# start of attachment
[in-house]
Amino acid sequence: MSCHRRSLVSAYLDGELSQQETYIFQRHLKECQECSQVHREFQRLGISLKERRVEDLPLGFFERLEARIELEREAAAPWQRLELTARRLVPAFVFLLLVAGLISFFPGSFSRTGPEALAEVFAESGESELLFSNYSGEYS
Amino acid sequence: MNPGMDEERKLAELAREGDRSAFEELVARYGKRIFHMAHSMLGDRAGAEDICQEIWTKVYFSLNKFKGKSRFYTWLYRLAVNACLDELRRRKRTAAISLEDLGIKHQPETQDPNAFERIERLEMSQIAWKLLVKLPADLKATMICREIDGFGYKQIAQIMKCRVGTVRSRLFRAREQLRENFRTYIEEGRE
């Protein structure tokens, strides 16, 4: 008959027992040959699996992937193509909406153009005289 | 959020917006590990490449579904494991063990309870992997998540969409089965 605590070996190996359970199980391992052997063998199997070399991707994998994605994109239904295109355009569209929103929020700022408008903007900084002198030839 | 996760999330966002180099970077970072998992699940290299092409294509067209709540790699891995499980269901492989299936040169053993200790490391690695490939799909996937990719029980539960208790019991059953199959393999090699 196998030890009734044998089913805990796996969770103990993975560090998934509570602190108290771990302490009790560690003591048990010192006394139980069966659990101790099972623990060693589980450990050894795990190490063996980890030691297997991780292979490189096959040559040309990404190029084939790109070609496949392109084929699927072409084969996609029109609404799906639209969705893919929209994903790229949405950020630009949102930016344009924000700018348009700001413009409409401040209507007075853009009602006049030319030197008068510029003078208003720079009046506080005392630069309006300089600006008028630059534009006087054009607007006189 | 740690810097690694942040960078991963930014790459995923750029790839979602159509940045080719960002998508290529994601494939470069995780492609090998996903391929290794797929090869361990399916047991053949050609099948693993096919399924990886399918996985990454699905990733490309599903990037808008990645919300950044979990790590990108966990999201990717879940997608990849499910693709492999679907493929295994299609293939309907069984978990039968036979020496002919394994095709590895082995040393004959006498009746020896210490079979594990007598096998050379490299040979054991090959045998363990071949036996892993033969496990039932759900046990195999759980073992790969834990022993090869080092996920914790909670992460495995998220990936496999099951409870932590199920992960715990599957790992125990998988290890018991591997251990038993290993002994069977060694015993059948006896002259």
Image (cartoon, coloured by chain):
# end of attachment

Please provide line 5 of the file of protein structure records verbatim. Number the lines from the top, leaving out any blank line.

Image (cartoon, coloured by chain):